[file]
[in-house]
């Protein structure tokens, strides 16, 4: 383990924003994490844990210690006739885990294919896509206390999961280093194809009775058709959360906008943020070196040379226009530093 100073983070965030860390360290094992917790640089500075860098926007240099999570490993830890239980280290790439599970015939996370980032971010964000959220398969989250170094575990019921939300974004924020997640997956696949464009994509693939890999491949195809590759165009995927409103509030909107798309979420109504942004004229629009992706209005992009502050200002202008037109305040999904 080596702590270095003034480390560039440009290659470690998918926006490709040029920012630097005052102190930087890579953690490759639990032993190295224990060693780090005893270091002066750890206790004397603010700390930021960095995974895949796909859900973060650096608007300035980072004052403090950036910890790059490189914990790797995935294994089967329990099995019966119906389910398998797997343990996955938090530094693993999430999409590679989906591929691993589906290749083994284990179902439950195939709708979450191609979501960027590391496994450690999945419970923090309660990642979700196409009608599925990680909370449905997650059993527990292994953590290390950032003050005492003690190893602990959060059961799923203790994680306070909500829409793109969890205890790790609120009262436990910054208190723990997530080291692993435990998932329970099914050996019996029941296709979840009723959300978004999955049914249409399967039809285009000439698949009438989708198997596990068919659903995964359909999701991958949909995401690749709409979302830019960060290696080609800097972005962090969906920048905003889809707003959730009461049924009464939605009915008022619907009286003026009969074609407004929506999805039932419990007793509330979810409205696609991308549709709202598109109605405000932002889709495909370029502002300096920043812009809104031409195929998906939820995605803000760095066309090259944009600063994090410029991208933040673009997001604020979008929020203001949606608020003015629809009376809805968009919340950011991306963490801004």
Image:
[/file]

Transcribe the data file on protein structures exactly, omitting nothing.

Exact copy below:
[in-house]
């Protein structure tokens, strides 16, 4: 383990924003994490844990210690006739885990294919896509206390999961280093194809009775058709959360906008943020070196040379226009530093 100073983070965030860390360290094992917790640089500075860098926007240099999570490993830890239980280290790439599970015939996370980032971010964000959220398969989250170094575990019921939300974004924020997640997956696949464009994509693939890999491949195809590759165009995927409103509030909107798309979420109504942004004229629009992706209005992009502050200002202008037109305040999904 080596702590270095003034480390560039440009290659470690998918926006490709040029920012630097005052102190930087890579953690490759639990032993190295224990060693780090005893270091002066750890206790004397603010700390930021960095995974895949796909859900973060650096608007300035980072004052403090950036910890790059490189914990790797995935294994089967329990099995019966119906389910398998797997343990996955938090530094693993999430999409590679989906591929691993589906290749083994284990179902439950195939709708979450191609979501960027590391496994450690999945419970923090309660990642979700196409009608599925990680909370449905997650059993527990292994953590290390950032003050005492003690190893602990959060059961799923203790994680306070909500829409793109969890205890790790609120009262436990910054208190723990997530080291692993435990998932329970099914050996019996029941296709979840009723959300978004999955049914249409399967039809285009000439698949009438989708198997596990068919659903995964359909999701991958949909995401690749709409979302830019960060290696080609800097972005962090969906920048905003889809707003959730009461049924009464939605009915008022619907009286003026009969074609407004929506999805039932419990007793509330979810409205696609991308549709709202598109109605405000932002889709495909370029502002300096920043812009809104031409195929998906939820995605803000760095066309090259944009600063994090410029991208933040673009997001604020979008929020203001949606608020003015629809009376809805968009919340950011991306963490801004």
Image: